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Welcome to the Lisp Games Wiki!
This wiki is the Official Community Portal (TM) of the Lisp Games community, devoted to creating games and other interactive multimedia constructions with the programmable programming language, Lisp, in its various dialects: CommonLisp, Scheme, Clojure, Parenscript, Clojurescript, EmacsLisp, and others. These user-editable pages are for YOU: people sharing information, links, and discussions related to Lisp Games Development.
We've been updating the wiki to make it a more comprehensive resource for the Lispgames community. If you'd like to help out, please create a github account and start adding ideas, questions, or links to your own or others' projects. Or join #lispgames on freenode to chat with someone. (See Github Flavored Markdown for hints on editing.)
Table of Contents
add have revived cupe's old project perfectstorm along with the other active members on lispgames. Link to the original blogpost: erleuchtet.org and to the current repo on github: lispgames/perfectstorm
warweasle is updating the Clinch Game Engine and approaching release 0.5. This will be a transition from Clinch being just a graphics engine to being a game engine. Features will include automatic garbage collection, SDL2 integration, cl-ODE Physics plugin, Slime integration, Frame Buffer Objects, modern nodes, and tools to make shaders simpler.
Lisp is a family of languages and each can have different libraries available. Check out what is particular to each dialect below.
Many challenges in game development are relevant to all languages. The links below are not necessarily about Lisp but may be very useful.
Though it's very unlikely you'd be able to find enough free assets to make your game from while keeping a consistent style, free art assets can be very handy as placeholders in your game to help give others (and yourself!) a glimpse of where the game is heading. It can be very hard to inspire people to the noble effort of a orphan cube, battling for justice and vengeance against the hoards of malevolent spheres!
- Stock Art/Audio:
- Identifying UsefulApplications for Lisp game developers.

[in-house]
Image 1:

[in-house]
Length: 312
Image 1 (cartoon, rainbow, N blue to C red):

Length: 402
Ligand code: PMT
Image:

- Building various GameCreationEnvironments.
- CloMotion ideas and resources for motion control in Lisp gaming.
- Collecting Education resources. ObstaclesToLispNewcomers GoodFreeDocumentationElsewhere
- Planning the Next Lisp Game Dev Competition.
- Using Blackthorn Starter Pack.
- Automating build process and packaging of binaries/libs/assets for all available platforms. See QuickLisp.
- Engine and language-agnostic DAM (digital asset management) tools. See AssetManagement.
- Working with others to add new platforms. PlatformSupport
- Writing Lisp Game Development Articles.
- Collecting Lessons learned, Questions and Answers.
Here are some pages you could write or add to:
- Page generally describing Lisp, hopefully written in a manner AccessibleToNewcomers.
- Collect more dialect-specific resources: CommonLisp, Scheme, Clojure, EmacsLisp, GOAL, Parenscript, Clojurescript
- A permanent LispGamesArchive that people could donate things to, sort of like the Interactive Fiction Archive.
- ObstaclesToLispNewcomers, CoolThingsWeShouldKnowAbout
- AboutThisWiki with information describing the administrative details and history of this wiki, website and domain (who, what, how, when)
- Lispstone is an arcade card game written in Common Lisp using cl-sdl2.
- sudoku-lisp is a simple sudoku player written in Common Lisp using lispbuilder-sdl.
Some games written using lisp-family languages.
- Xconq is a free strategy game that uses GDL (a declarative Lisp-like syntax) to define its war scenarios.
- Abuse was a great action game that used Lisp for scripting its game logic.
- Jak and Daxter (Naughty Dog) was apparently partly written in a custom Lisp dialect called GOAL. See also this C2 wiki page on LispInJakAndDaxter
- Common Worm
- IRC: chat.freenode.net #lispgames #lisp and #scheme
- lispgames on Twitter
- WarWeasle's Qix/CLinch blog
(ᗧ*) Lisp Games Wiki